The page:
Capital markets update

What we’ll be watching in July

July 24: Bank of Canada rate decision

  • While the Consumer Price Index data released on June 25 showed that Canadian inflation picked up in May, the longer-term trend remains one of slowing inflation and a deteriorating labour market. Odds are that Canada is currently in the midst of a recession, even if data hasn’t confirmed it yet.
  • The Bank of Canada could decide to hold rates at its July meeting, skipping a meeting to keep consumers and businesses on their toes and avoid a spiral of rate cut expectations. But the data still prescribes lower rates. We expect between two and three additional cuts in 2024.

July 25: US Q2 gross domestic product

  • The Atlanta Fed Nowcast model expects Q2 gross domestic product growth to come in at 1.7%, solidly above zero, but below the “potential” long-term rate for the US economy.
  • The US economy has been in an investment- and consumption-driven boom for the past few years, supported by elevated federal government spending. While we don’t see a US recession on the horizon — and haven’t been in that camp for many years — the US economy is clearly slowing, albeit from elevated levels.

July 30: Mexico Q2 gross domestic product

  • The Mexican economy grew 1.2% annualized in the first quarter of 2024, a clear downshift in growth from the previous year.
  • If the US economy keeps cooling, Mexico won’t remain unscathed. The Mexican economy thrived in 2022 and 2023, even as the Bank of Mexico raised its policy rate from 4% to 11.25%. The combination of a booming economy and sky-high interest rates sent the Mexican peso to new heights. With political risk flaring up in Mexico, all eyes will be on the Bank of Mexico in coming months.

Multi-Asset Strategies Team’s investment views

Tactical summary

Stocks: neutral. Sovereign bonds, underweight. International stocks, overweight. USD/CAD, overweight. EUR/CAD, overweight. GBP/CAD, overweight. JPY/CAD, overweight.
Source: Mackenzie Investments
Note: The views expressed in this piece apply to products that are actively managed by the Multi-Asset Strategies Team.

Positioning highlights

Overvalued US assets: We generally don’t like US assets, whether equities or bonds. International stocks had a solid end to 2023, as expectations of US Federal Reserve interest rate cuts caused the US dollar to lose ground and international stocks to rally. Not only do international stocks generally have more attractive valuations than North American assets, but they should also benefit from promising macro catalysts ahead. The Italian and Japanese stock markets screen particularly well across the board.

Moving to rate-sensitive sectors: Health care stocks look less attractive going forward. Health care was one the best-performing sectors in May, and the top positive contributor to our sector strategy. But we closed that position towards the end of May, with signs of deteriorating fundamentals starting to worry us. Analyst forecasts have turned down sharply. Plus, macro signals are favourable to more rate-sensitive sectors like real estate, which is now one of our favourite sectors.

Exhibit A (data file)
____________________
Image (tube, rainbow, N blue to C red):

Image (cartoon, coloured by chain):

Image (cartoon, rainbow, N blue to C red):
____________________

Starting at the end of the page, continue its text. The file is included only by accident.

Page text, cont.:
Canadian landing: The macro situation in Canada is much more dire than in the US. The Canadian economy has an argument for the worst-performing economy in the first half of 2024. The job market is deteriorating quickly, especially when adjusting for working population growth and government hiring. We have been adding to our short Canadian dollar position, already one of the largest bets in the Mackenzie Global Macro Fund.

Commodity-exporting EM currencies: Commodity-exporting EMs are well situated to outperform in this macro environment. Their budgetary and external balances have improved amid high global nominal growth and high commodity prices. Their central banks started raising rates much earlier than the rest of the world. As a result, they have generally reached the end of their tightening cycle, reducing the risk of overtightening into a recession. But the level of rates remains high, offering positive carry over most other currencies. On the other hand, we hold a negative view on the currencies of Asian EM countries. Their external positions have severely deteriorated and their interest rates are relatively low.

Oil is poised for a rebound: Rising odds of a Trump presidency means higher likelihood of disruptions to global trade and rising macro uncertainty. Both would trigger precautionary demand for oil. Plus, Joe Biden has presided over one of the largest expansions in US oil production volumes in history. Hence, a Trump presidency shouldn’t be seen as a positive shock to domestic oil production.

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Capital market returns in June

Capital markets returns
Notes: Market data from Bloomberg as at June 30, 2024. Index returns are for the period: 2024-06-01 to 2024-06-30. In order, the indices are: MSCI World (lcl), BBG Barclays Multiverse, S&P 500 (USD), TSX Composite 60 (CAD), Nikkei 225 (JPY), FTSE 100 (GBP), EuroStoxx 50 (EUR), MSCI EM (lcl), Russell 2000 - Russell 1000, Russell 1000 Value - Russell 1000 Growth, USA 10-year Treasury Future, CAN 10-year Gov't Bond Future, GBR 10-year Gilt Future, DEU 10-year Bund Future, JPN 10-year JGB Future, BAML HY Master II, iBoxx US Liquid IG, Leveraged Loans BBG (USD), Provincial Bonds (FTSE/TMX Universe), BAML Canada Corp, BAML Canada IL, BBG Gold, BBG WTI, REIT (MSCI Local), Infrastructure (MSCI Local), BBG CADUSD, BBG GBPUSD, BBG EURUSD, BBG JPYUSD.

Meet your authors

Jules Boudreau, MA, CFA
Senior Economist, Mackenzie Multi-Asset Strategies Team

Jules Boudreau is the Senior Economist in Mackenzie’s Multi-Asset Strategies Team. Jules leads the team’s macro investment research, informing the positioning of multi-asset funds totaling upwards of $40 billion in assets. In addition, he provides analysis on economic trends and events and delivers presentations on the interaction between markets and the global economy.

Prior to joining Mackenzie, Jules worked at the Bank of Canada, where he contributed to the Bank’s Business Outlook Survey and produced research exploring inflation dynamics and the effectiveness of monetary policy. Jules holds an MA in Economics from UBC, where he was a Social Science and Humanities Research Council (SSHRC) Scholar, as well as an Honours BA in Economics and Math from McGill University. He is also a Chartered Financial Analyst (CFA) charterholder.